25 November 2005 – A European court has ruled that the EU Commission had no right to reject the UK’s increase of carbon dioxide emission allowance for its businesses.
The Court of First Instance has annulled a Commission decision of April 2005 which had rejected the UK’s increase of the total quantity of carbon emission allowances for its national emissions trading action plan. The Court stated that the Commission “failed to explain how that increase […] could destabilize the market”.
The Court’s ruling could have serious implications for the future of the European emission trading scheme (ETS) as it may encourage several other EU member states to revise their action plans and weaken the Commission’s power to enforce stronger emission targets.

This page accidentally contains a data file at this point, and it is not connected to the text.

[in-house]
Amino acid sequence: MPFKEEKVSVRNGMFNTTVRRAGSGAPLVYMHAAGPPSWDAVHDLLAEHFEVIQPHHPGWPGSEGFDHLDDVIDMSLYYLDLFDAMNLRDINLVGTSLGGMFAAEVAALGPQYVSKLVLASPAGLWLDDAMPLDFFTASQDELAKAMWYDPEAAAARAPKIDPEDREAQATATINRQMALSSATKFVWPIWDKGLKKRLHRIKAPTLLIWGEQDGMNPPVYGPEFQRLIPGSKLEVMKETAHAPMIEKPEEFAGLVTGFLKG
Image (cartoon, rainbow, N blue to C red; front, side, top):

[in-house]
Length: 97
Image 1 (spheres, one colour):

The Commission said it did not want to react to the ruling immediately as it wanted to study its implications. In theory, it has two months to appeal against the ruling before the Court of Justice
The European emissions trading scheme started at the beginning of 2005. It will have to be reviewed in the middle of 2006. The Commission has already announced that it wants to integrate more industrial sectors into the ETS, but the scheme has come under fire from several industries for putting an extra burden on the competitiveness of the European economy.